Friday, January 22, 2010

More on the Iliad

From the Introduction in the Robert Fagles version:

"It is just as sentimental to pretend that war does not have its monstrous ugliness as it is to deny that it has its own strange and fatal beauty, a power, which can call out in men resources of endurance, courage and self-sacrifice that peacetime, to our sorrow and loss, can rarely command."

This from the translator of the three-thousand-year-old story. I don't know if Fagles was a soldier, or if he'd feel this way had he seen war in person rather than on the page. Dulce et decorum est....

At the same time, I wonder: is he right? Is there a rare and sharp magic to the terrible circumstance of war? Or is that little more than a tweedy post-facto justification?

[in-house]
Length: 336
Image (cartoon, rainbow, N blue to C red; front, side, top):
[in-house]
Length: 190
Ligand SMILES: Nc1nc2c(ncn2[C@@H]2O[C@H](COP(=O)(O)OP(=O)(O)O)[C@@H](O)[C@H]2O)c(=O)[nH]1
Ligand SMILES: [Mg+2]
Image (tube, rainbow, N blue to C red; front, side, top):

Never having seen war myself, I can't answer, I can only ask. And maybe that's what good writing, good stories, should do: not answer but ask the question in the first place.

In which case: well done, Homer!


Barbara said...

Perhaps that is why an author like Homer has been remembered in literature for so very long compared to say...Danielle Steele?

S R Wood said...

Ha ha, could be! Not that there's anything wrong with Danielle Steele, but let's face it: she's not Homer.